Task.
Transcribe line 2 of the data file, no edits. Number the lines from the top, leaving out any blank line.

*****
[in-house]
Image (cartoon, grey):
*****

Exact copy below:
Image (cartoon, grey):